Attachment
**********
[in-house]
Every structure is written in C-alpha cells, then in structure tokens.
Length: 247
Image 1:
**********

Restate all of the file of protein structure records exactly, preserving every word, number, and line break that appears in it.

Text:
[in-house]
Every structure is written in C-alpha cells, then in structure tokens.
Length: 247
Image 1: